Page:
It was almost enough to actually make me sad for the guy.

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Blogger OES said...

I like the Michael comparison, but everything else is somewhat obvious.

Obviously he is off his game completely, but he's definitely going to come back. Regression to the mean. He can't just fall off the earth like fattie David Duval.

Oh and lastly,The goatee looked turrrible.

12:00 AM  
Blogger BadBlood said...

What are the odds he's used PED's and is currently off them, as getting caught at this point in his career would be something even his PR machine couldn't recover from?


Like I've mentioned before, any world class athlete found caught using them would not surprise me in the least. Does the PGA even have testing?

10:11 PM  
Blogger OES said...

hit for show and putt for doe. Steroids can't help where it truly counts.

However, I am sure it is used and think it's >50% that Tiger does.

"The notion that there aren't any steroids in golf is incredibly naive," Yesalis says. "Steroids work. There's too much money in the sport, and you can manage the steroids the right way, without serious side effects. You can certainly make the argument that the benefits outweigh the risks. What reasonable person thinks that athletes in any sport -- golf included -- aren't doing it?"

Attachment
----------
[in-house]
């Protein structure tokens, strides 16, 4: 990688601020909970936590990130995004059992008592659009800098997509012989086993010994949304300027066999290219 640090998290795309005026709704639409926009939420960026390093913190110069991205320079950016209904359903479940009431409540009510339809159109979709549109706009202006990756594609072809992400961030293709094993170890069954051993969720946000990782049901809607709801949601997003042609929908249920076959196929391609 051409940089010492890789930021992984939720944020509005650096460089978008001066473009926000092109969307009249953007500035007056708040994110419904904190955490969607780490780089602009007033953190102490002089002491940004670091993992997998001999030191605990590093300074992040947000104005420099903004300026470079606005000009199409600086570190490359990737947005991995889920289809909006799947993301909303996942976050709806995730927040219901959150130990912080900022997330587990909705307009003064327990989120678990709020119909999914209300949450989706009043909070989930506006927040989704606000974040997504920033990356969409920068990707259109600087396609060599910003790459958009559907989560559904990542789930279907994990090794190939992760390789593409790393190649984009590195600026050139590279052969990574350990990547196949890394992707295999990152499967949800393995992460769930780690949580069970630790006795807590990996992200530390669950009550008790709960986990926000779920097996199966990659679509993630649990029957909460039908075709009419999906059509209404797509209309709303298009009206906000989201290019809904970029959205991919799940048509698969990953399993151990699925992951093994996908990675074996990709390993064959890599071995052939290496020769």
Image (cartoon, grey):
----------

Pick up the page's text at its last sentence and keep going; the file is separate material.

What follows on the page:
11:02 PM  
Blogger Hammer Player a.k.a Hoyazo said...

Tiger's association with this Dr. Galea who distributed HGH to tons of professional athletes is well known. I would guess it is 75% likely or greater that Tiger received HGH from him and/or elsewhere.

Steroids, HGH, of course it would help a golfer's game, I don't think it is debatable that it would make you hit the ball further and significantly help your scores. Sure the putting is probably not affected by it but overall scores would be dramatically I would guess.

11:33 PM  
Blogger Schaubs said...

Hitting the ball further is not as big of a concern as you might think for a PGA tour pro.

Golf is more about mental toughness than ANYTHING else at that level. All of those guys can stripe it and they are even better at putting.

Tiger is toast. I don't like his chances of beating Jack's record nor do I think he will win another major anytime soon.

1:49 AM  
Blogger OES said...

Schaubs, I rarely make bets (besides in poker), but more than welcome to make one about Tiger's future, given your stance =)

2:08 AM  
Blogger Schaubs said...

Ironically Tiger shaved his goatee for this week's major...

OES - I will make you a bet, but I am not going to on and say he will NEVER win another major. I just don't think he will win one anytime soon. I don't like his chances of beating Jack, but you never know maybe he will beat Jack's record of the oldest ever major winner and win one at the age of 47...

bettin might be silly only because it would take for ever for the bet to settle...

8:57 AM  
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7:40 PM